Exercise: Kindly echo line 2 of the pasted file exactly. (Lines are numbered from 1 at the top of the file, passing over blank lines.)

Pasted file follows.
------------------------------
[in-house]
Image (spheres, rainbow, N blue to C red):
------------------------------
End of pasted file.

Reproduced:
Image (spheres, rainbow, N blue to C red):